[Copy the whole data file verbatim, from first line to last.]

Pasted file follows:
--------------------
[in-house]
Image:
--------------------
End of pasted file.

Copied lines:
[in-house]
Image: